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HIV Pandemic, Medical Brain Drain, and Economic Development in Sub-Saharan Africa

The global HIV pandemic disproportionately affects the nations of sub-Saharan Africa. This paper examines the effects of medical 'brain drain' on the course of the HIV pandemic in that region. 'Brain drain' is the migration of skilled workers, in this case medical personnel, from poor nations to wealthier nations in pursuit of better economic opportunities. Most of the nations of sub-Saharan Africa have lost more than 10% of their medical personnel to emigration. This paper concludes that the 'brain drain' phenomenon has had a significant impact on AIDS mortality: a doubling of emigration rates results in a 20% increase in AIDS mortality. Due to its exacerbation of the HIV epidemic, medical brain drain from sub-Saharan Africa is an unsustainable phenomenon. The economic well-being of medical staff in the afflicted nations needs to be improved in order to retain medical expertise.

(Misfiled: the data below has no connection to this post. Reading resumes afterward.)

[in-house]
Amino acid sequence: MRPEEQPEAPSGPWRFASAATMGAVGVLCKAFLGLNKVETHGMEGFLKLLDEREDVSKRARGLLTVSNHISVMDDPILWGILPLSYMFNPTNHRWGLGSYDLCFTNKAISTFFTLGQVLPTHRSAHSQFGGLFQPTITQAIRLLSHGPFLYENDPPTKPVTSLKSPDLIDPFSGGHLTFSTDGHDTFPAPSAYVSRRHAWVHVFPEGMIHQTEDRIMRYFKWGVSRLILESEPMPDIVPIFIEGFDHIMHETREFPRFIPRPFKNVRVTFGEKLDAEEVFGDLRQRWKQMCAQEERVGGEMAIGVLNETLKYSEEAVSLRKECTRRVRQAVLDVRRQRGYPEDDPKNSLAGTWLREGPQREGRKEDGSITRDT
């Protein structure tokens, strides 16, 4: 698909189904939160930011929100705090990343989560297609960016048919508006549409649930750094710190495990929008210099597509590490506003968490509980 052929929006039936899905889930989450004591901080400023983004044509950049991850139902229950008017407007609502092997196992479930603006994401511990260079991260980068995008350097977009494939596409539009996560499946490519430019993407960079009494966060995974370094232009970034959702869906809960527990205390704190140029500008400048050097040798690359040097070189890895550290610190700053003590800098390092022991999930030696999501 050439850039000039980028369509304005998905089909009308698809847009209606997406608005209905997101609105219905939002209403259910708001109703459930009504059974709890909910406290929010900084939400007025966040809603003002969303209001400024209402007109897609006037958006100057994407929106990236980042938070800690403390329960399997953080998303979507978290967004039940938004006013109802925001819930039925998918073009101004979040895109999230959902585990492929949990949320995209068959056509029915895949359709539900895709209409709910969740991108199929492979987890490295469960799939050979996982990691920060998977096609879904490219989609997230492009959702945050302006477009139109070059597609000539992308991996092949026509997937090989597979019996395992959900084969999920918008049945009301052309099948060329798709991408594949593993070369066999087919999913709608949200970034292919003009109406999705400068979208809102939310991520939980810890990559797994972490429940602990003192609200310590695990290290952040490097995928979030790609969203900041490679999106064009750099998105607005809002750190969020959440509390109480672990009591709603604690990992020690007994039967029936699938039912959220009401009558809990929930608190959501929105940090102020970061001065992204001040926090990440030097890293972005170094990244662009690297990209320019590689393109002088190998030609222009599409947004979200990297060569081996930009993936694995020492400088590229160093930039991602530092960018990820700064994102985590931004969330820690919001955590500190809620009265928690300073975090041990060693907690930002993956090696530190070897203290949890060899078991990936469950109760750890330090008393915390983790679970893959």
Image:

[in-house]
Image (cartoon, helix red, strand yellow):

Alok Bhargava and Frederic Docquier
The World Bank
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